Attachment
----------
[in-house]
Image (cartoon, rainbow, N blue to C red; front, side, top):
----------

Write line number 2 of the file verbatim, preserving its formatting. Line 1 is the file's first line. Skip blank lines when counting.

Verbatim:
Image (cartoon, rainbow, N blue to C red; front, side, top):